Dobrynin interrupted with a question as to whether the Secretary thought the Soviets were really in control of Vietnam, adding that the Vietnamese had not even informed the Soviets before going into Kampuchea. The Secretary responded that, whether that was true or not, it was clear that the Soviets were at least providing considerable support to Vietnam. He had seen the evidence of what the Soviets were doing at Cam Rahn Bay and of their growing presence elsewhere in Vietnam. This was a fundamentally destabilizing development.

Dobrynin raised the subject of U.S.-China relations and gave the Secretary a non-paper on the subject.5 The Secretary reminded Dobrynin that we had informed the Soviets, before he left for his trip to China, that we were changing the category in which we placed China to that of a friendly, non-allied country. In effect, we were henceforth treating China basically the same as Yugoslavia. We had previously told the Soviets also of our strong objections to the Soviet supply of arms to Central America, and yet that supply had not ceased. Recently the Soviets had provided Nicaragua—a country with 2.5 million people—with a full batallion of tanks. On a pro rata population basis, we would have to supply the Chinese with 5,000 to 6,000 tanks for any sort of equivalent action. We had warned the Soviets, but they paid no attention to our warning. Dobrynin expostulated that we could have discussed the matter, and the Secretary reminded him that we had discussed it on several occasions.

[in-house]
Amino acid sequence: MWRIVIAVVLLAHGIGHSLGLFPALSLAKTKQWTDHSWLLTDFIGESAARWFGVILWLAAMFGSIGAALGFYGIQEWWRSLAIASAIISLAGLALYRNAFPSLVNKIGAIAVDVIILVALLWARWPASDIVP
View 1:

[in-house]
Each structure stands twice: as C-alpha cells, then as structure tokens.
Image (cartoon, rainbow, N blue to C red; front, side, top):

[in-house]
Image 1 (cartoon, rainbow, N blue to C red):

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Returning to subject of Kampuchea and Afghanistan, the Secretary said that what we needed from the Soviets were constructive approaches. We would be quite prepared to discuss such approaches, including transitional arrangements pending a full settlement. Poland, he said, was a critical case; if the Soviets were to go in, everything in Soviet-American relations would go by the board. As for Iran, we were disturbed by Soviet propaganda claims that we had responsibility for the recent bombing.6 Dobrynin claimed that Soviet radio was only repeating what was being reported from Teheran. The Secretary stated that that was not true and said he would send Dobrynin a couple of examples of particularly objectionable broadcasts. Non-intervention in Iran, the Secretary continued, was absolutely essential to any future relationship with the Soviet Union. Dobrynin asked what he thought would happen to the leftists in Iran, and the Secretary responded that it appeared they would be going into a meat grinder. Dobrynin commented that they already were. The Secretary stated that the United States was not involved in events in Iran and expected the same of the Soviet Union.